The Cortland Country Music Park is a great venue that offers a wide variety of music, food, entertainment and fun activities for all ages. The park includes an outdoor amphitheater, picnic area, picnic tables, playgrounds and a children's playground and is very safe for families with children of all ages.
If you need an appointment for the Music Hall of Fame, it's definitely worth the trip, but if you're interested in music, you won't want to miss it. If you love nature and nature, you will undoubtedly love the area around the Lime Hollow Center. In this area you can play with structures of different sizes and shapes that break into water currents.
Some historians offer search services through their office of records, others may refer you to a local genealogist who studies the area. The county historian can give you information about what is in the online database of the New York State Historical Society, or you can be redirected by others.
For more information about where records are kept in Cortland County, visit the Cortlands County Courthouse website. Records are also available on the website of the New York State Historical Society and in the archives of the State Archives.
Selected military records may be entered in the New York City Registers, such as the Civil War Register (TCR), which is located in the County Historian's Office, or the State Archives. Town and village officials keep important records for the 1880s and 1882 in Kent and Putnam Valley, available from the county's Historical Bureau. The alphabetical list contains the date of the foundation of the city and the name of its village as well as the existing history of the city. The Civil War Register also lists existing Civil War Registers and other historical records.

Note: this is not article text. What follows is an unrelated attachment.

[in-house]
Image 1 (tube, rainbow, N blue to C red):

Deaths include deaths in 1879-80, which began on 1 June and ended on 31 May of the census year (see "Mortality Register" for information). Deaths in the 12 months preceding the census ending on or after June 1 of a census year are included. The deaths for 1878-79, 1881-82 and 1882-83, including deaths in the first three months of 1877-78 and the second three weeks of 1890-91, were included in 12 months of previous census.
Deaths in the first three months of 1882-83 and in the second three weeks of 1890-91 are recorded in 12 months after the census year.
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In the 1830s, state law required the lender to file probate applications for deceased persons and property. Since 1787, when the county was founded, probate records, including the original estates and wills of New York, have been kept in the County Clerk's office. Choose your county, then select your ancestor's city, click on the Browse images link and scroll through the end of the population index to find your ancestor's date of birth and death, as well as other information about him. A complete list of all Cortland County counties, towns, villages, and communities is available online for free at FamilySearch. Click on the link to get to this page, select a county and then click on the link "Browse images."
Since the 1880s, the town clerk has been responsible for the records of marriages in the Clerk County office in Cortland County, New York. In addition, copies will be sent to the Albany, N.Y., State Archives or to the local county clerk in your district.
In the period 1810 - 1840 the main street consisted of two main streets: the main and main streets, and a small number of secondary streets. Luce's Tavern, founded in 1822, is the oldest tavern in the present-day city of Cortland, New York, south of City Hall.
The village was initially a market town in the surrounding agricultural area, but soon small industries were established to serve the farmers. The commercial streets were so busy that some of the most elegant residential buildings were built there. Opposite the hotel on Main Street is the large Eagle Store from the 1820s, which was converted into a Squire's Block in 1883. Later it became the Eagle Tavern, later the Messenger Hotel and in 1936 it was shortened as a petrol station.
Three banks, chartered between 1864 and 1869, granted simple loans to entrepreneurs, and the railroad opened the commune to the national market.
In 1825, the court clerk's office and the courthouse were moved to the plain and the hilly landscape was largely avoided. Cortland's growth continued even as large land holdings delayed development in the southern area of Courthouse Hill. When the southwestern part of the village was laid out in 1872, it was stimulated by the construction of a railway line from Syracuse to Binghamton and then on to Syracuse. The Syracuse-Binghamton Railroad was guided through the area and the industrial development of the area was encouraged by the construction of steel mills and other production facilities, as well as a number of hotels.